The Most Protein-Maximizing Vegetables

| March 26, 2013 | 2 Comments

When you’re focused on getting the most protein for your caloric buck, it’s very easy to go way overboard on the meat and forget that vegetables often contain ample amounts of protein, too. Vegetables are also rich in dietary fiber, which is essential to keeping your body operating smoothly. The amino acids in vegetables, which are mostly incomplete, complement meat to create a perfect balance of nutrients.

Ideally, 36-45% of your daily Paleo menu should consist of plant foods. And then there are other complications: you don’t want to consume too many carbohydrates, nor more modern food groups like legumes and grains. So what does that leave you with? The following list includes wild plants, seeds, and cultivated vegetables so that you can tap into a wide range of sources.


Wild Nettles

primrose, nettles, & potatoes

photo credit: wayneandwax

Nettles have been gathered for their nutritional and medicinal properties throughout much of human history. In addition to being effective against asthma, arthritis, diabetes, prostate cancer, and many more conditions, they are one of the highest sources of protein out there! The stinging sensation completely disappears during cooking, so there’s no need to worry about that. When harvesting, be sure to pick the younger, less bitter plants, and try to harvest only the top 6 inches of them so that they can regrow. All you need to get a sack full of nettles are a long-sleeved shirt, gloves, and a pocketknife. They’re best sautéed or used in herbal tea.


Almonds

Almonds on a plate

photo credit: elana’s pantry

 Almonds are the most nutrient-dense nuts; in fact, one ounce contains about 6 grams of protein. Almond trees are among the oldest cultivated plants, and their seeds were enthusiastically spread from the cradle of civilization to Africa, Europe, and the United States over the millennia. The nuts have been found in many archaeological sites, including Tutankhamun’s tomb in the Egyptian Valley of Kings. It’s easy to see why almonds have been so popular for so long: they can be eaten raw or cooked in all kinds of dishes.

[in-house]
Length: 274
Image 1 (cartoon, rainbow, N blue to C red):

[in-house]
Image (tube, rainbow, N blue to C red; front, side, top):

Squash Seeds

Roasted Squash Seeds

photo credit: nesson-marshall

Honestly, I think I like squash seeds more than I like squashes. They make wonderful snacks when roasted, and you can add literally any spice mix to them! And they’re easy – just pop out your squash’s guts with a spoon, pour them into a bowl of water, and separate the seeds by hand. Squash seeds are a great source of protein, Vitamin K, iron, and copper. I tend to roast them with curry or chili powder and snack on them while watching movies – they’re much nicer than popcorn!

 

Broccoli

Broccoli

Though they are the bane of many children’s dinnertimes, broccoli is a fine protein source with a lot of additional nutritional benefits. One cup of this cruciferous wonder contains almost 6 grams of protein! Growing your own is astoundingly easy, and the nutritional benefits of doing so are well worth the effort. Luckily for the culinary art-impaired guy, broccoli tastes best when prepared simply. Just roast or steam your stalk for an awesome side dish to any roasted meat.

 

 

 
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  1. John says:

    I love almonds and broccoli. Keep posting these quality content and of course I will continue to follow your site.

    Best regards,
    John

    killfatgetfit.com – Make your dreams a reality.

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